The Southern Cross appears to be an essential source that nourished the main subjects of the book: the two World Wars, Catholic Education, Fascism, Peronism (a very interesting section is devoted to a scarcely known Irish-porteño priest called José María Dunphy Harrington), the military dictatorship, the Malvinas / Falkland war... But up to a certain point, a problem is that the Southern Cross underwent, generation after generation, an irreversible decay course in terms of subscriptions and influence; actually, during the 1976 dictatorship –a crucial theme in this study–, the paper printed about 1500 copies (200 destined to promotion and propaganda); what’s more, this insignificant figure was drastically reduced during editor Fred Richards’ leftist crusade. The writer knows this and he states it at the end of the book:
The Irish-Argentine community analysed in this book cannot claim to represent the estimated half million Argentines of Irish descent living in the Republic. My field research put me in contact with just a fraction of that community and the majority of those were very conservative.
In a way, this limitation explains certain lopsided assessment that pervades sections of the book.
Another pertinent issue has to do with all those who, although being members of the Irish-Argentine community, cared nothing about their ancestry and, assimilated, felt they were nothing but genuine members of Argentine society: their voices are not heard in the debate. The Southern Cross represented only part of the Irish (always conservative) community: people associated with the Hurling and the Fahy Clubs, churchgoers who used to go to mass to St. Patrick’s in Belgrano or in San Antonio de Areco, or celebrated Ireland’s patron saint on March 17 at Holy Cross church… Most of them – in or out of the Irish community– kept “resolutely aloof from politics, more through a sort of carelessness than from any good reason” as explained in the Hiberno-Argentine Review on December 3, 1920, in a statement quoted by Dr. Speight.
Anomalous Irish-porteño characters, their words, and actions are fully analysed by the essayist: John William Cooke, Rodolfo Walsh, Fr Federico Richards, Irish-Argentine Pallotines (Alfredo Leaden and Alfie Kelly)... María Elena Walsh is named but receives no special attention although she was more than the author of popular books for children. Not to speak of Luis Alberto Murray, poet, historian and right-wing “Peronista,” who is not even mentioned. The massacre at St. Patrick’s Church in 1976 gives the scholar an opportunity to give a fascinating account of the infighting within the Pallottine congregation, similar to the ones the Passionist congregation knew during the same period, the 1970s. These religious communities, originally devoted to the Irish in Argentina and their descendants, and mostly integrated by Irish-porteño priests, were a kind of a microcosm of the crisis that the Irish-Argentine community and the country as well were facing, namely the confrontation between the conservatives and the so-called “progressive” individuals.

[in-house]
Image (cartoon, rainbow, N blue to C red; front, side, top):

A comprehensive bibliography completes the work.
Beyond debatable points and certain occasional Manichean approach, this book – with its treatment of unexplored zones, and deep reflections – becomes a serious and different contribution to the increasing corpus of studies on Irish Argentina, an unavoidable work for scholars, writers and whoever wants to know who the Hiberno-Argentines were and who they are.
* Irish-Argentine Identity in an Age of Political Challenge and Change, 1875 – 1983, by Patrick Speight; Oxford, Peter Lang; 2019; 346 pp.